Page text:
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Law and Philosophy

, Volume 38, Issue 5–6, pp 439–452 | Cite as

The Morality of Lying and the Murderer at the Door

  • Kate GreasleyEmail author
Open Access
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Abstract

The article engages with some of the main claims in chapter 1 of Seana Shiffrin’s book Speech Matters. There, Shiffrin sets out a case for a general moral prohibition on lying, based on the conditions required for reliable speech, and circumscribes the permissible falsehoods that could be uttered to would-be moral criminals, such as Kant’s familiar murderer at the door. I raise a few questions about the case for the general moral prohibition on lying and about Shiffrin’s basis for distinguishing between the sorts of lies that, on her view, one is and is not permitted to tell would-be moral criminals so as to avert harm.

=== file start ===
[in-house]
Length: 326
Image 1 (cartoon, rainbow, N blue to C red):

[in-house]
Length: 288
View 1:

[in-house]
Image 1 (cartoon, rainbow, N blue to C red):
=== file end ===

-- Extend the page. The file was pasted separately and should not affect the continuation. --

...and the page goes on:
Notes

Copyright information

© The Author(s) 2019

Open AccessThis article is distributed under the terms of the Creative Commons Attribution 4.0 International License (http://creativecommons.org/licenses/by/4.0/), which permits unrestricted use, distribution, and reproduction in any medium, provided you give appropriate credit to the original author(s) and the source, provide a link to the Creative Commons license, and indicate if changes were made.

Authors and Affiliations

  1. 1.Hertford CollegeOxfordUK

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